Sussex Police has continued with recruitment throughout this year, despite the challenges incurred by the pandemic, and our Chief Constable has shown a welcome determination to keep providing the extra boots on the ground and visible policing in our communities that residents have asked for and value so highly.

Officers and staff have not only been successfully policing this pandemic but, from last year’s precept investments, Sussex Police has also launched different specialist teams that have supported our rural communities, helped to protect our local high streets, taken some of the most wanted criminals off our streets and safeguarded hundreds of vulnerable victims.

This investment will help Sussex Police to continue on that upward trajectory and I will continue to monitor their progress closely.

Sussex Police and Crime Commissioner


A full breakdown of the online survey results can be found on the PCC’s website: Precept survey 2021/22. The results show that 86 or (38%) residents in Wealden which responded to the online survey wanted to pay nothing more – the highest proportion of any district.

Round-up of Council Tax increases

The following table summarises the agreed or proposed changes to the Council Tax bill for each authority:

AuthorityBand D 2020-21Percentage IncreaseIncrease in 2021-22
East Sussex County Council~1,492.023.49£52.02
East Sussex Fire Authority^95.531.99£1.90
Sussex Police & Crime Commissioner199.917.5£15.00
Wealden District Council*197.440£0.00
Crowborough Town Council168.762.15£3.63
Total£2,153.66£72.55

Notes:

~ Combined charge for ESCC – 3% over two years for Adult Social Care & 1.99% this year for the rest of the County Council
^ 1.99% increase agreed at Fire Authority meeting on 11th February (table updated to reflect their decision). Was incorrectly stated as £1.80 not £1.90 (now changed in the table).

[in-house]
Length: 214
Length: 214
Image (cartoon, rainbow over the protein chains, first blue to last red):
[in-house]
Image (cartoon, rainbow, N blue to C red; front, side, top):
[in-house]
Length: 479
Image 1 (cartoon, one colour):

* Proposed by Cabinet – needs to be agreed by Full Council on 24th February.


In England Council Tax’s bands range from A (lowest) to Band H (highest). Band A properties pay 2/3rds of the amount paid by a Band D property and Band H pay twice as much. The money is collected by Wealden District Council on behalf of East Sussex County Council, Wealden District Council, Sussex Police Authority, East Sussex Fire Authority and your parish or town council. For more information about how Council Tax is calculated and how to apply for a discount see the District Council’s website: Your Council Tax.

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2 COMMENTS

  1. Whilst I see the need for increase police funding, it sticks in the craw somewhat that council tax payers are having to pay extra for police recruitment. Teresa May got rid of 20,000 police jobs. The public suffered from that lack of presence on our streets, and now we have to pay extra to have those jobs reinstated?!

  2. The one thing that hasn’t been addressed is the vast increase in housing and additional revenue that this has generated. I recall having a working police station and visible evidence of police presence funded by less people in less houses. We appear to be seeing higher overhead costs, less evidence of official support and more revenue being collected. I am not a mathematician but something doesn’t add up !